Growing up in Tennessee on a dairy farm was, as I look back, one of the best experiences a kid could have! Maybe I'm just biased, but I do know that I learned how to do dirty, hard work if I had to! My father was always the hardest working man that I knew and I thought that it was silly for other men to be inside all day working in an office. Now I see that these office jobs are just as important usually, only in a different way. I grew up in a town with not so many jobs and a low population. I knew loggers, saw mill operators, farmers, factory workers, teachers, people employed by the city, and people who did nothing but use up tax dollars. It seemed that when people had jobs, they were of the labor intensive variety. Now, my older brother (who worked side-by-side with my father) manages a state facility and operates his own lawn care business. He often gets home late from going from one job to the next. He doesn't like to be idle or to sit around for a long period of time. He learned from my parents that there is always something that needs to be done and that you should be doing it. I remember reading in my room when I was younger and when my mom came in I felt guilty that I wasn't doing anything useful. (Not to say that my mother was anti-reading because she is definitely all about it!) Anyway, I suppose I'm telling you this because I can never forget the place that I came from and the experiences that I had there will stay with me always. I often get pangs of loneliness, not just from the distance from loved ones, but the green of a new spring, the way you just KNOW when it is about to storm, lightning bugs, fresh home-grown produce, porch swings, trees, fishing, the way a freshly mown yard smells... or even the way a stinky herd of cows smell. Things like that. Most of those things can be experienced where I am, just in a different way. I don't like the desert and hope to one day leave it (kidnapping Haley to take with me of course). I try to bring some of the things I left behind into my life, like buying blue willow dishes that match my Granny's, or making a fresh strawberry pie. This time, I happened to make a simple sign. My dad was 5 in 1960 when his father bought the "Mountain Farm," as it has been known all my life. His family lived in the "valley" and so it got it's name because you have to drive up the "mountain" to get our farm. It was sold once since that time, in in 1978 or 1979, but my grandfather got possession back in two years or so. So, when my parents got married, they moved up to the Mountain Farm and we have been there ever since. We rent that from my grandmother still, but we bought the land on the other side of the road and that is where my home was. The milk barn was built in 1986 and opened for it's first milking on April 26, 1986. There is a Purina sign on the front that says, "Mountain Farm Dairy, The Grissoms." We also have shirts and hats that say it too, notice Dad's in the picture below. Dad had milked 4 years before the barn was built at his parents house in a smaller barn that you could only milk two cows at a time. There were only two electric milkers- even though there was enough space for four cows. My dad had invested $700 to upgrade that barn from only being able to milk one cow at a time. Now, my father is very "thrifty," to put it nicely, and the man who helped him add on to the barn still jokes with him about using rusty, pre-used nails. I can definitely imagine that scenario is 100% accurate! So that is the basis for this sign that I made, I wanted to bring a touch of the farm house into my own home. I used an unfinished pine board and coated it with one coat of Annie Sloan Chalk paint. Then, I coated that layer with some Annie Sloan Soft Wax in Dark. That was basically like putting on a stain. I used my Silhouette cameo to cut out the design that I wanted, a cow and the words "Mountain Farm Dairy... The Grissoms." Grissom is my maiden name of course. So, I applied the vinyl, layered on another coat of Annie Sloan, and used a pick tool to get my vinyl off while the paint was half-dry. When that layer dried, I sanded it up a little to look worn, used Minwax wood paste as my clear coat, then added more dark wax for an antiqued feel. I hammered in some tiny nails into the back, wrapped some picture-hanging wire in hemp string, and attached it. That's it, easy project!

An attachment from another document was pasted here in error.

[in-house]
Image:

|My father. Photo courtesy of John Remus III Photography
|Me after fishing, my sister on a horse, a dog, and a younger brother shooting hoops in barn boots.
|At my Granny's, by where my dad used to milk.
Hard to get a good picture! But here you can see the antiquing.
Well, that's all I have for today, hope you enjoyed some of the history behind the project :)